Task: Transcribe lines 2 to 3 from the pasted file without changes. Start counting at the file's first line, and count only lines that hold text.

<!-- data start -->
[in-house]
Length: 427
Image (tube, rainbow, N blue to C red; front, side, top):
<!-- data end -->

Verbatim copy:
Length: 427
Image (tube, rainbow, N blue to C red; front, side, top):